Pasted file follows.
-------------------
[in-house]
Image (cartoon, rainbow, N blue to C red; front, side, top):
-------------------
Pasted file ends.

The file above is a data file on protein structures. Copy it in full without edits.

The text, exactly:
[in-house]
Image (cartoon, rainbow, N blue to C red; front, side, top):